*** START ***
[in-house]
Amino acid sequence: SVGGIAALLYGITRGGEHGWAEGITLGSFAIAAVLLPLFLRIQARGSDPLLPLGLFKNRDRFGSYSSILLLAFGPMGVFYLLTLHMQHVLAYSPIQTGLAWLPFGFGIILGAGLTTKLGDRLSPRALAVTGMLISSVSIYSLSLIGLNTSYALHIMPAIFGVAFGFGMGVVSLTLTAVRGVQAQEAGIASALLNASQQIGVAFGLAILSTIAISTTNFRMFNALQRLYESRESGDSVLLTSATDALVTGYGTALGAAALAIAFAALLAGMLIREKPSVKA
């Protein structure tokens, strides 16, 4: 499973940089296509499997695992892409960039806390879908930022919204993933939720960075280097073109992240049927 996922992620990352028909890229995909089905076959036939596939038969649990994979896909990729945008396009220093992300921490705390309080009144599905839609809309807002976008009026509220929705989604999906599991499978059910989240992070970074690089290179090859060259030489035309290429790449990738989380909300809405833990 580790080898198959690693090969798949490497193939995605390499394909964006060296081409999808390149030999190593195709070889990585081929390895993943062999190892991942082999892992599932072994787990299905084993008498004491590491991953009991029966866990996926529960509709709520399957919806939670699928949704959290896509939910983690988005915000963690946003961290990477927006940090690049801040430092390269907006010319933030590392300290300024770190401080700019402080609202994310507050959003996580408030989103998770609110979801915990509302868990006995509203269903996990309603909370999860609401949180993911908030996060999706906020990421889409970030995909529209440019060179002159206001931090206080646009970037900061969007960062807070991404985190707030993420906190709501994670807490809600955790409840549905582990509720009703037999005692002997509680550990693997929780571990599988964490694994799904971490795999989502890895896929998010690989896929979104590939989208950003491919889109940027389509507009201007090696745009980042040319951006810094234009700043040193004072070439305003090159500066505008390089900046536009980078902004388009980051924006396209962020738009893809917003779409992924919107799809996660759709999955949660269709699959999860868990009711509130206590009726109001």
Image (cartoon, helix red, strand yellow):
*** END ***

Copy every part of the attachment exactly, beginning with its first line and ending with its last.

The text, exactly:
[in-house]
Amino acid sequence: SVGGIAALLYGITRGGEHGWAEGITLGSFAIAAVLLPLFLRIQARGSDPLLPLGLFKNRDRFGSYSSILLLAFGPMGVFYLLTLHMQHVLAYSPIQTGLAWLPFGFGIILGAGLTTKLGDRLSPRALAVTGMLISSVSIYSLSLIGLNTSYALHIMPAIFGVAFGFGMGVVSLTLTAVRGVQAQEAGIASALLNASQQIGVAFGLAILSTIAISTTNFRMFNALQRLYESRESGDSVLLTSATDALVTGYGTALGAAALAIAFAALLAGMLIREKPSVKA
């Protein structure tokens, strides 16, 4: 499973940089296509499997695992892409960039806390879908930022919204993933939720960075280097073109992240049927 996922992620990352028909890229995909089905076959036939596939038969649990994979896909990729945008396009220093992300921490705390309080009144599905839609809309807002976008009026509220929705989604999906599991499978059910989240992070970074690089290179090859060259030489035309290429790449990738989380909300809405833990 580790080898198959690693090969798949490497193939995605390499394909964006060296081409999808390149030999190593195709070889990585081929390895993943062999190892991942082999892992599932072994787990299905084993008498004491590491991953009991029966866990996926529960509709709520399957919806939670699928949704959290896509939910983690988005915000963690946003961290990477927006940090690049801040430092390269907006010319933030590392300290300024770190401080700019402080609202994310507050959003996580408030989103998770609110979801915990509302868990006995509203269903996990309603909370999860609401949180993911908030996060999706906020990421889409970030995909529209440019060179002159206001931090206080646009970037900061969007960062807070991404985190707030993420906190709501994670807490809600955790409840549905582990509720009703037999005692002997509680550990693997929780571990599988964490694994799904971490795999989502890895896929998010690989896929979104590939989208950003491919889109940027389509507009201007090696745009980042040319951006810094234009700043040193004072070439305003090159500066505008390089900046536009980078902004388009980051924006396209962020738009893809917003779409992924919107799809996660759709999955949660269709699959999860868990009711509130206590009726109001």
Image (cartoon, helix red, strand yellow):